Thursday, 18 June 2009

Intercultural Communication (2)

"We must learn", writes Tracy Novinger, whose useful tome Intercultural Communication (University of Texas Press, Austin), I have recommended before, "to speak a foreign culture in the same way we must learn to speak a foreign language." She illustrates her argument with this telling example:

"Isaura is an international attorney who practices in the United States and has a Guatemalan father, a Mexican mother, and a North American husband. On a trip to Guatemala to visit family, she was at a party and rose to dance with her brother to some traditional music that always set her feet to moving before she even stood up. Antonio and Isaura made a handsome pair. Isaura executed the intricate footwork to the lively tune, head up, shoulders back, widely flipping her skirt with her hands, turning her body and flashing her eyes to accentuate the measures. Antonio quietly told her, "Isaura, estás bailando muy a la mexicana. Aquí no se baila el son así." (Isaura, you are dancing too much in the Mexican style. Here people don't dance the son like that). Isaura then instinctively adjusted. For some reason, she had not made her cultural switch. She bowed her head slightly and cast her eyes down, put her shoulders forward, held her skirt with her hands close to her hips, and closely reined in the range of her movements. Her whole demeanor changes as she projected the humility customary in traditional Guatemalan folklore."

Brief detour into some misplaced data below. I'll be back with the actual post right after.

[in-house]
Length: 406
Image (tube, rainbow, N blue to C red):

Wonderfully visual, this writing, isn't it?
Never has it been more obvious to me how different mentalities in Guatemala and in Mexico are - despite that these two countries are neighbours and their people speak the same tongue.

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